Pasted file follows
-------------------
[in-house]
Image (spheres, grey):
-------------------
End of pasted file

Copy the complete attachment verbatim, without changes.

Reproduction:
[in-house]
Image (spheres, grey):